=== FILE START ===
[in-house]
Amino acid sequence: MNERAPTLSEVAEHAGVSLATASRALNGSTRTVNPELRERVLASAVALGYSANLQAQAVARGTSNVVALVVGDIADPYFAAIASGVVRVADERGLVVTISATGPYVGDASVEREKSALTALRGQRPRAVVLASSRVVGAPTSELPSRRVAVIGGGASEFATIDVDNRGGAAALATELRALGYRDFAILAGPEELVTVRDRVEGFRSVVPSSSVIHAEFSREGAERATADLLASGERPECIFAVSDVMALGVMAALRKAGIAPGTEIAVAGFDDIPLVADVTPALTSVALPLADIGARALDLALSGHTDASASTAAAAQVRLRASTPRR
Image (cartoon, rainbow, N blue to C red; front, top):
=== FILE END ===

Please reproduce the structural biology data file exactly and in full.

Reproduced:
[in-house]
Amino acid sequence: MNERAPTLSEVAEHAGVSLATASRALNGSTRTVNPELRERVLASAVALGYSANLQAQAVARGTSNVVALVVGDIADPYFAAIASGVVRVADERGLVVTISATGPYVGDASVEREKSALTALRGQRPRAVVLASSRVVGAPTSELPSRRVAVIGGGASEFATIDVDNRGGAAALATELRALGYRDFAILAGPEELVTVRDRVEGFRSVVPSSSVIHAEFSREGAERATADLLASGERPECIFAVSDVMALGVMAALRKAGIAPGTEIAVAGFDDIPLVADVTPALTSVALPLADIGARALDLALSGHTDASASTAAAAQVRLRASTPRR
Image (cartoon, rainbow, N blue to C red; front, top):